The applications for generative AI go far beyond chatbots such as ChatGPT and Bard


“Someday” is Today

To understand generative AI’s potential in the enterprise, it helps to read Isaac Asimov.  Yes, science fiction from way back in the 1940s and 1950s.  For example, Asimov was the one who predicted Big Data.  In his Foundation Trilogy, a certain mathematics professor by the name of Hari Seldon develops a large-scale statistical method to predict the course of human behavior, presaging much of what we see in our data-driven reality today.  Asimov also posited the first set of (still-applicable) guidelines for ethical AI, enshrined as the Three Laws of Robotics, and introduced in his 1941 short story Runaround.

Another Asimov short story, 1956’s Someday, features a computer whose job is to generate stories for humans.  The name of this chatbot?  Bard.  In the telling, Bard gets upgraded in a process that sounds just like training data, which leads to the story’s ominous conclusion.   Someday ends with Bard reciting a sinister tale about a forlorn little computer named Bard, surrounded by “cruel step-people”.  “And the little computer knew then that computers would always grow wiser and more powerful until someday… someday…”.  (How did Google decide to name its chatbot?)

What else did Asimov foretell?  With generative AI in mind, was there a numinous Princess Gen of Ai inhabiting one of his novels, predicting our today?  Almost.

The Physics of Generative AI

“How can the net amount of entropy of the universe be massively decreased?”

Alexander Adell to Multivac in Isaac Asimov’s “The Last Question” (1956)

Asimov’s story above revolves around the question, repeatedly posed to a preternaturally powerful computer named Multivac, of reversing the universe’s inexorable march toward maximum entropy and eventual heat death.  Multivac’s solution, after all data had been “completely correlated and put together in all possible relationships”, is generative AI at its finest, with a prompt that creates something from nothing.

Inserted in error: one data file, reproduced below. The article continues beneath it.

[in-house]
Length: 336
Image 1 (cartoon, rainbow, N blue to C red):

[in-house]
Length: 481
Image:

Today, the potential for generative AI is, alas, almost exclusively seen through the lens of LLM-driven, consumer-focused applications: the prompt-driven generation (seemingly, “something from nothing”) of de novo text, images, video, and music.  It has become a verity – whether in the national press, the financial press, or even the blog posts of major technology companies – that generative AI is ChatGPT (or its LLM brethren), when actually, the reverse is true.  LLMs like ChatGPT are just one category within generative AI. 

Fig. 1 From CB Insights

While the (increasingly commoditized) LLM-based gen-AI applications will indeed change the ways in which business gets done, what gets lost in conversation is the impact of generative AI on pure enterprise applications.  Generative AI is a broad and powerful set of technologies that include not only the Transformer-based GPT, but also variational autoencoders (VAEs; Kingma & Welling 2019), diffusion, generative adversarial networks, and Poisson flow generative models.  All of them have enterprise-level impact.  VAEs, for example, and despite the impenetrable, technology-mouthful of a name, have shown benefit in financial trading applications via the generation of synthetic, yet realistic, volatility surfaces for pricing and hedging derivatives (Bergeron et al. 2021). 

Fig. 2 Variational Autoencoder

Discriminative AI has to date been our most familiar variety of AI: models that classify input data, mapping the data’s features to its labels.  (E.g., is this a picture of a cat?)  Generative AI, on the other hand, predicts (generates) data features from a given label (prompt).  (E.g., generate a picture of a cat.)  In both cases, the underlying models are about discovering the probabilities within the training data.  Generative AI is a comparatively exciting form of AI because it can generate completely novel results. 

Specifically because generative AI technologies have demonstrated the ability to generate de novo results, it’s vital that we grasp their full potential and not fall into the intellectual trap of conflating gen-AI with ChatGPT/LLMs alone.  Companies that understand gen-AI will be positioned for success.  Those that do not will be positioned for senescence.  Here we’ll present a short survey of generative AI, its technologies, and its enterprise applications, so as to better inform you for the competitive landscape that now lies ahead.

Something from Nothing

ChatGPT is seemingly everywhere, its abilities a product of its underlying Transformer technology, a 2017 invention of Google (Vaswani et al. 2017).  Transformer technology has demonstrated impacts well beyond language generation, across a range of generative AI tasks in the enterprise, from the Internet of Things to robotics.  Complementing Transformer-driven generative AI are two noteworthy models which draw inspiration from basic physics: diffusion and Poisson flow generative models (PFGMs).